Welcome to the April edition of our monthly update. Isn’t time flying by - who can believe Autumn has arrived?
The issues we highlight each month are by no means the total sum of the persistent march of a political agenda incompatible with the principle of equality of citizens. We, as a nation, are constantly bombarded with a plethora of under-the-radar constitutional changes that undermine this principle, aided and abetted by both central and local body governments, our universities, iwi entities, and a compliant media. As a group of volunteers, we are overwhelmed by the magnitude of push for the separatist "two nations in one state" orthodoxy. We have come to the conclusion that more needs to be done if we are to have any hope of retaining the integrity of our Democracy - that is, what’s left of it.
With this in mind, we are looking to employ ‘a good keen person’ to work alongside us. Skills that would be particularly useful include a strategic thinking ability, with a good understanding of the issues; strong communication skills – both verbal and written, and experience in using digital media. If you know of anyone who may be interested, please ask them to get in contact with our Chair, Lee Short, at email@example.com or you can phone Lee on (09) 2815173.
During this month some of us will be appearing before the Maori Affairs Committee to present oral submissions in opposition to the Electoral (Entrenchment of Maori Seats) Amendment Bill. Our thanks and best wishes go out to all involved.
Other issues that currently require action include:
- Providing feedback on the Waikato District Council’s Blueprint – a 30yr spatial plan for the region. There are only a few days left, you have only until 5pm Monday 8 April to have a say. See why this is important below.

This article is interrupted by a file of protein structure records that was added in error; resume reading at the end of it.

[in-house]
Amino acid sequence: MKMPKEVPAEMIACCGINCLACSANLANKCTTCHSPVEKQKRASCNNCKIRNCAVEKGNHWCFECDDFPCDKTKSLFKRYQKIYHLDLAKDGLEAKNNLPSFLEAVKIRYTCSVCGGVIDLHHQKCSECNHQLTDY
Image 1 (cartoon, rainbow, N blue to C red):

- Have your say on Auckland’s water future. Feedback must be received by 19 April 2019. See below, and the March edition of the Democracy Action update for more details.
- It is suggested we also send messages of support to the four Hasting District Councillors who took a stand to protect the integrity of our democracy by voting against the proposal to appoint unelected Maori to the council’s standing committees. Their email addresses are listed below.
Several of our members requested a link to the video recording of the Don Brash presentation regarding the Government’s support for a Crown-Maori partnership. I’m pleased to be able to offer you the opportunity to view it - with many thanks to all concerned. Please click here.
Thank you for your continued interest and support. If you have any suggestions you would like to offer, or if you need further information or help, please do not hesitate to contact us at firstname.lastname@example.org
It appears every act of special entitlement is simply used as a stepping stone to further power. We see an example of this in the Waikato District Council’s Blueprint project, with its pitch to build on the Joint Management Agreements and other agreements with iwi, and the proposal to appoint a ‘Maori Partnership Manager’ “to sit with the CE group, which will, appropriately, facilitate a “chief to chief” relationship” – with the assistance of an operational support person. There are only a few days left to have provide feedback. Go online to have your say by 5pm Monday 8 April.